Throughout my research into these fairy tales, my opinion and interpretation began to change over time. Little Red Riding Hood comes to mind as a story that I feel completely different about. After analyzing it closely in my first paper, I definitely have a different view of the store than I did previously. I didn’t realize there was so much symbolism in the main character. In fact, many people feel the red hood she wears plays a major role in the story. While its meaning is debated among readers, it’s clear that the color was not just selected randomly. Many associate it with looming violence and bloodshed. The red cloak may also imply she is rebellious or too curious for her own good.
I also have a better appreciation for the stereotyping of women during the time period in which these fairy tales were written. After analyzing the pictures and illustrations of many of the tales, one thing appears to be clear. Many versions of the tale include stereotypical portrayals of the two women involved (Little Red Riding Hood and her mother). They are usually seen wearing aprons, which accompany traditional feminist activities such as cooking and cleaning. There is also no fatherly figure present in almost all versions of the story. The mother also gives very detailed instructions to Little Red Riding Hood on how to reach grandmother’s house. Perhaps she believes Riding Hood is incapable or reaching the destination on her own. She also reminds her daughter to be polite and “walk quietly” to her grandmothers, another hint to typical female behavior of the time.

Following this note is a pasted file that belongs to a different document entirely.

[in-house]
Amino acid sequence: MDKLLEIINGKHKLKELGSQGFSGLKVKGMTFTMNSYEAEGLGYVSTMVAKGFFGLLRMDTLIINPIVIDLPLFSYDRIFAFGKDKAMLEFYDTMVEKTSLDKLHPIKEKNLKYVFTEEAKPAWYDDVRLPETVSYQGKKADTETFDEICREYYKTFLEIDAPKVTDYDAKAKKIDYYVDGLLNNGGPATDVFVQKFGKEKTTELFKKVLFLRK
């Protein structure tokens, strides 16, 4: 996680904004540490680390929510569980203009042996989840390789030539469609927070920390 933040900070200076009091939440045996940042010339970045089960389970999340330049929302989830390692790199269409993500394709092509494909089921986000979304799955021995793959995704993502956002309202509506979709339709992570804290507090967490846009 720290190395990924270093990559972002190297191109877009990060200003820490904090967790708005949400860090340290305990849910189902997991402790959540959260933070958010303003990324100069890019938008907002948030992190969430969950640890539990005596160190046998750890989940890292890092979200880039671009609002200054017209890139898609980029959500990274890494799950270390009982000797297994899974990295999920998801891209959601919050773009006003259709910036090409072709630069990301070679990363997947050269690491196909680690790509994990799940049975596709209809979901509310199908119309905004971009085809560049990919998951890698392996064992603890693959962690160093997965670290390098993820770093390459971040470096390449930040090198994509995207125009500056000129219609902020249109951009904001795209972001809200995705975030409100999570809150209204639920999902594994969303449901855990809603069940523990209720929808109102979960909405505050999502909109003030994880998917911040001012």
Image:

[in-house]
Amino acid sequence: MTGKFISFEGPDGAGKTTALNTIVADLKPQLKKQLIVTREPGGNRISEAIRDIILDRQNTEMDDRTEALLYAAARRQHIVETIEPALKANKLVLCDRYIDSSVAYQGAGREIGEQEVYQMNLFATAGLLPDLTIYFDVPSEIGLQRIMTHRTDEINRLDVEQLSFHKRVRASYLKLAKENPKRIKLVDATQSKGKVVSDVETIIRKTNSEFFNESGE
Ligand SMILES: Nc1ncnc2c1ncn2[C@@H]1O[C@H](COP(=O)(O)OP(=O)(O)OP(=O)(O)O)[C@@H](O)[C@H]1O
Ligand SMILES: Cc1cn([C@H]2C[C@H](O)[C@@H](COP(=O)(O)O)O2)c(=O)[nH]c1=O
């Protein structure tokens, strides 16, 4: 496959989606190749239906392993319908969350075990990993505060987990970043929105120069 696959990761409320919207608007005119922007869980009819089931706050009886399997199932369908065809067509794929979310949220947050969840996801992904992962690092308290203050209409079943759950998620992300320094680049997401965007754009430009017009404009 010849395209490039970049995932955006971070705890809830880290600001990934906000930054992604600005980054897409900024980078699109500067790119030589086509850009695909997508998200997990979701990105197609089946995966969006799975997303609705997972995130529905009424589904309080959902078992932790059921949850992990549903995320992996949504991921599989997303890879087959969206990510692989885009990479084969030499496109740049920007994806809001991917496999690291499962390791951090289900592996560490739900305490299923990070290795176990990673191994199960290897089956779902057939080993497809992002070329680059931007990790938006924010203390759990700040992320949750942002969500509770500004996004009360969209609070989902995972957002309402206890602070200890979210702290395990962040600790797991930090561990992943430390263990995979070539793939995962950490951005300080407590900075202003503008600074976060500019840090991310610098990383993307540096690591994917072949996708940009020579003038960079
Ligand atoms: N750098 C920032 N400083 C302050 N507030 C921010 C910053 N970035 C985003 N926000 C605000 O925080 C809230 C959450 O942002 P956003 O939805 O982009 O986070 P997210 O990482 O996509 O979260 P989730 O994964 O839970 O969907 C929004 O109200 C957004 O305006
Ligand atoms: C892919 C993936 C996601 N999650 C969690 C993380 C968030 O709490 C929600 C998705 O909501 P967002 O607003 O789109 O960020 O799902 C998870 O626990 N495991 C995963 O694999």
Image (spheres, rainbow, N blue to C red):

Having read this tale as a child, these were certainly aspects I had never thought of. I think most children are this way as well. They don’t closely analyze these types of details. They are more focused on the characters themselves and any morals or life lessons the fairy tales may teach. Reading through these tales, especially Little Red Riding Hood gives you a new perspective that you may not have had in the past. The passage of time can be a factor as well. I’m sure if I were to read these tales again when I am 60 years old, I may interpret them differently again.
There are also several re-makes of classic tales coming out in theaters. These certainly give you a new perspective on the stories, and in many cases they are vastly different. One I recently watched was Snow White and the Huntsman. While the basic story stayed true to its roots, there were moments that were vastly different. It has a much darker theme and is targeted at an older audience. The dwarfs are actually a band of criminals instead of miners, and the queen has all sorts of magic at her disposal. It seems to follow the path of Snow White and the Huntsman, taking a much darker approach to the original fairy tale
We are seeing this more and more today. Fairy Tales are being re-written and re-done in the form of film. The creators are taking a more modern approach when it comes to the creation of them, and are making drastic changes to the plot and overall presentation. Many are taking a much darker approach, and focusing on a mature audience. Some recent examples include Snow White and the Hunstman, and Red Riding Hood.